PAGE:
• rogloh wrote: »
    If you have no plans to ever connect the remaining pins from P2-P15 on both props to other peripherals, my advice would be try to allow some (future) parallel bus between both Prop chips. It gives you options for much faster data transfers between chips, some games may benefit from that. e.g., if large amounts of graphics sprites/tile data etc are read from storage (say on SD) on the first P1 chip and need to get copied between levels of a game (or during it) to the second P1, it can be done more rapidly. I once did an AVR to propeller graphics system once this way and managed some decent 5MBytes/s data transfers between the two parts. In fact in this application it was enough to render text/graphics on the AVR and send it to the P1 in real time.

    P0-P7 is a good choice for byte oriented transfers as it can avoid additional shifts. You might want some smallish valued series resistors (e.g. hundreds of ohms) for some form of bus protection if this parallel bus is ever bidirectional unless you can guarantee your code timing is right to avoid shorting out the IO drivers. Though they might still survive without it, not sure as I didn't ever try to short them intentionally to see when it burns out. In my case I needed to use some resistors for 5V to 3.3V protection (think it was around 2k2 in my case).

    Cheers,
    Roger
    It's handy to have a couple of handshake lines too. Did that with a pair of 68705s back in the day.
  • macca wrote: »
    Where did you get the schematic and values of the 3-bit dac ?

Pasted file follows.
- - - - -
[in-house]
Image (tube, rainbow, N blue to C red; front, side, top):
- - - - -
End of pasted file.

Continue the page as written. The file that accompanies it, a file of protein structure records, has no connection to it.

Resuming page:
Unless I'm missing something, the resulting voltage levels looks too low (about 340mv instead of 700mv peak level).

    The 4th circuit at the bottom of this answer (in the edit).

    I was also unsure of what he was trying to say about the impedance forming a 2:1 voltage divider...
  • Well, I think that with that DAC you get half dim colors, not that this is completely wrong, only you never get bright colors, which I find unusual.

    Since we are using a Propeller, why don't you look at some propeller-specific discussions like this:
    https://forums.parallax.com/discussion/135385/better-vga-dac-resistors/

    I think you can safely use the 3-bit dac for the TV composite video in your circuit, the levels and impedance are the same as the VGA.
    VT-100 Terminal and Graphics Card for the RC2014 Z80 Computer
  • macca wrote: »
    Well, I think that with that DAC you get half dim colors, not that this is completely wrong, only you never get bright colors, which I find unusual.

    Since we are using a Propeller, why don't you look at some propeller-specific discussions like this:
    https://forums.parallax.com/discussion/135385/better-vga-dac-resistors/

    I think you can safely use the 3-bit dac for the TV composite video in your circuit, the levels and impedance are the same as the VGA.

    I actually read through that thread probably a dozen times figuring out my DAC, but missed the TV dac buried in the spreadsheet haha. Thanks!
  • With respect to RGB DACs, also note that it is possible to get 15/16 bit colour output in the prop if you have enough COGs. That looks pretty nice on a VGA monitor.

    You still have pins 8-15 available on your video COG. When writing a sprite engine using the WHOP method for output I found that it only takes one more COG for doing this but it was rather tricky (but not impossible) to synchronize their output to generate the same pixel.

    Not trying to distract you too much with what you are already doing, just giving you some future ideas. You might be able to design a board that has different resistor population options for experimenting with that concept one day.